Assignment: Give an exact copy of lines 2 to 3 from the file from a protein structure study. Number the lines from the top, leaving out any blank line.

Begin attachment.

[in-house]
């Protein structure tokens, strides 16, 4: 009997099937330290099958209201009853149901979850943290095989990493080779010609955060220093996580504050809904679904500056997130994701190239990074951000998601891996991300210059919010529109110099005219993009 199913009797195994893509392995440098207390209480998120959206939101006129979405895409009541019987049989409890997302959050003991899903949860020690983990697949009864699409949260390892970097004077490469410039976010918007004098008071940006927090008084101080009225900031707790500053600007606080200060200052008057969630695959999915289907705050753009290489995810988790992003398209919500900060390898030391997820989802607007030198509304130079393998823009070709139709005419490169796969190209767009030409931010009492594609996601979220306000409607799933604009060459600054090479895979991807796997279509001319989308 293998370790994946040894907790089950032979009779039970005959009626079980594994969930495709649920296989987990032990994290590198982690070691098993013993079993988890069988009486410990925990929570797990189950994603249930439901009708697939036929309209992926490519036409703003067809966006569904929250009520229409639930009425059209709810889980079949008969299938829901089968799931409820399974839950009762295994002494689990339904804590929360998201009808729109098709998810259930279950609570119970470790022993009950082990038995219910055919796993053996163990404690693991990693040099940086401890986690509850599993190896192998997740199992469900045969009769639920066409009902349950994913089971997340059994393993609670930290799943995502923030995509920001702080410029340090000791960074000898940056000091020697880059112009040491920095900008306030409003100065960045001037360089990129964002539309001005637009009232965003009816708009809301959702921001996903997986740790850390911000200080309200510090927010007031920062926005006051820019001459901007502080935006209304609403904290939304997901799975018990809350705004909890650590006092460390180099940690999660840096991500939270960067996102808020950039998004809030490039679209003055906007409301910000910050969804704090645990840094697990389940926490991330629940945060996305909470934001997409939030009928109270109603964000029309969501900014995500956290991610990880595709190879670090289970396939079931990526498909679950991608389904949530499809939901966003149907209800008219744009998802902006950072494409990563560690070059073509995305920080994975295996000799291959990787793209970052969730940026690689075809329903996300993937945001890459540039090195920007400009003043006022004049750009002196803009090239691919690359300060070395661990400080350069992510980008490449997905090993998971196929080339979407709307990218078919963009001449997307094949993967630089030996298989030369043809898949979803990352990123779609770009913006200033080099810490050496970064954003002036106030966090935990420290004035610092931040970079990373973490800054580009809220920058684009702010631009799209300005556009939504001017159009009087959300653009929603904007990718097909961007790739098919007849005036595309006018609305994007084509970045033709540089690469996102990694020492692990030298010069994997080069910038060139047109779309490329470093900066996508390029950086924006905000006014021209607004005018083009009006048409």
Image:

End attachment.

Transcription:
């Protein structure tokens, strides 16, 4: 009997099937330290099958209201009853149901979850943290095989990493080779010609955060220093996580504050809904679904500056997130994701190239990074951000998601891996991300210059919010529109110099005219993009 199913009797195994893509392995440098207390209480998120959206939101006129979405895409009541019987049989409890997302959050003991899903949860020690983990697949009864699409949260390892970097004077490469410039976010918007004098008071940006927090008084101080009225900031707790500053600007606080200060200052008057969630695959999915289907705050753009290489995810988790992003398209919500900060390898030391997820989802607007030198509304130079393998823009070709139709005419490169796969190209767009030409931010009492594609996601979220306000409607799933604009060459600054090479895979991807796997279509001319989308 293998370790994946040894907790089950032979009779039970005959009626079980594994969930495709649920296989987990032990994290590198982690070691098993013993079993988890069988009486410990925990929570797990189950994603249930439901009708697939036929309209992926490519036409703003067809966006569904929250009520229409639930009425059209709810889980079949008969299938829901089968799931409820399974839950009762295994002494689990339904804590929360998201009808729109098709998810259930279950609570119970470790022993009950082990038995219910055919796993053996163990404690693991990693040099940086401890986690509850599993190896192998997740199992469900045969009769639920066409009902349950994913089971997340059994393993609670930290799943995502923030995509920001702080410029340090000791960074000898940056000091020697880059112009040491920095900008306030409003100065960045001037360089990129964002539309001005637009009232965003009816708009809301959702921001996903997986740790850390911000200080309200510090927010007031920062926005006051820019001459901007502080935006209304609403904290939304997901799975018990809350705004909890650590006092460390180099940690999660840096991500939270960067996102808020950039998004809030490039679209003055906007409301910000910050969804704090645990840094697990389940926490991330629940945060996305909470934001997409939030009928109270109603964000029309969501900014995500956290991610990880595709190879670090289970396939079931990526498909679950991608389904949530499809939901966003149907209800008219744009998802902006950072494409990563560690070059073509995305920080994975295996000799291959990787793209970052969730940026690689075809329903996300993937945001890459540039090195920007400009003043006022004049750009002196803009090239691919690359300060070395661990400080350069992510980008490449997905090993998971196929080339979407709307990218078919963009001449997307094949993967630089030996298989030369043809898949979803990352990123779609770009913006200033080099810490050496970064954003002036106030966090935990420290004035610092931040970079990373973490800054580009809220920058684009702010631009799209300005556009939504001017159009009087959300653009929603904007990718097909961007790739098919007849005036595309006018609305994007084509970045033709540089690469996102990694020492692990030298010069994997080069910038060139047109779309490329470093900066996508390029950086924006905000006014021209607004005018083009009006048409």
Image: